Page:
Can Smoking Weed Regularly Actually Worsen a Mental Illness?

Studies show a connection between mental illness and marijuana use, but it's one that's complex.
Can Smoking Weed Regularly Actually Worsen a Mental Illness?
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This story originally appeared on The Fresh Toast

The use of marijuana has many scientifically proven health benefits. These can be as simple as helping users relax or as complex as managing chronic pain or stimulating appetite. There’s a lot we don’t know about marijuana, especially when discussing its negative side effects; aside from red eyes and the occasional bout of paranoia, can the use of the plant worsen conditions like mental illness?

There’s not a lot of evidence or scientific research out there, but some studies have found links between marijuana use and some mental health conditions, such as depression and even psychosis.

RELATED: Does Weed Really Mess With Your Memory?

Studies have shown that people who smoke large amounts of marijuana on a daily basis are five times more likely to develop psychosis than others, with there being an influence on the age in which marijuana is first consumed and the individual’s genetic vulnerabilities.

While these studies aren’t very useful for regular marijuana consumers, they do show a connection between marijuana use and mental health illnesses, although the existing link does not imply that one causes the other. While marijuana may sporadically cause hallucinations and paranoia, these effects fade once the drug wears off.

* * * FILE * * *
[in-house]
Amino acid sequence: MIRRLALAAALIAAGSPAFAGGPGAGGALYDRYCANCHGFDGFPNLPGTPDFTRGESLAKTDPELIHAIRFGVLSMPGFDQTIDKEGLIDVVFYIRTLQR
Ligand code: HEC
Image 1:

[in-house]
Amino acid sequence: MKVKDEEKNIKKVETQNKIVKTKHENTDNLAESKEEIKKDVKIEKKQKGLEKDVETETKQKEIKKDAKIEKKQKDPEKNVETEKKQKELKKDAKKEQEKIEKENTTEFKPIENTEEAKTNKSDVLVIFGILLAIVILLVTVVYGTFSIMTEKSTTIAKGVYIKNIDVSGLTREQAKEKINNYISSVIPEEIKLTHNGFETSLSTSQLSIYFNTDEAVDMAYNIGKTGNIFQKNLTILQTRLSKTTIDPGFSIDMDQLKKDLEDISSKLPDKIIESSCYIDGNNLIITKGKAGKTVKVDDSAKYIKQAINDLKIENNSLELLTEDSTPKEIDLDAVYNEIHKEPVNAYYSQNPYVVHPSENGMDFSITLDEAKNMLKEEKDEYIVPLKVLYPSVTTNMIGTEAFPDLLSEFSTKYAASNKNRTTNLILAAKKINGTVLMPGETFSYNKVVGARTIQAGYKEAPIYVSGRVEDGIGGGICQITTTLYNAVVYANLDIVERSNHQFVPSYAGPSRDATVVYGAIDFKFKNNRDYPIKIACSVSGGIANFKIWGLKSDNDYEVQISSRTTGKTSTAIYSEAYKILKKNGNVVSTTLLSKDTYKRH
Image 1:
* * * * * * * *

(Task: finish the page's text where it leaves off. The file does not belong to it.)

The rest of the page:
According to a survey conducted by Washington State University, people who use marijuana to treat their chronic pain are at more risk of developing depression and anxiety. The survey contacted 150 adults who used marijuana to treat their chronic condition and asked them about their experiences.

RELATED: New Study Finds Older Marijuana Patients Have No Long-Term Negative Brain Effects

“When people have depression and anxiety and use cannabis on top of this, it would appear they have more negative outcomes,” explained lead investigator Marian Wilson. “Is it that they’re using more cannabis because the pain is so bad and their mood is affected, or is it because people with depression and anxiety are at greater risk of using cannabis in a way that may not be therapeutic?”

More research is needed to draw a clearer picture, but what is becoming more and more apparent is that people with depression, anxiety and other mental health conditions are more likely to use marijuana. As   “Some people with depression may use marijuana as a way to detach from their depressive symptoms,” Dr. Daniel K. Hall-Flavin told the Mayo Clinic. “Heavy users may appear depressed as a result of the dulling effects of the drug on feelings and emotions,”

Marijuana and mental health appear to be connected, with the relationship being positive or negative depending on the user, their genes and the regularity of use. Still, it’s unlikely that the occasional or regular use of marijuana will worsen an illness that’s being treated and tended to by mental health professionals.

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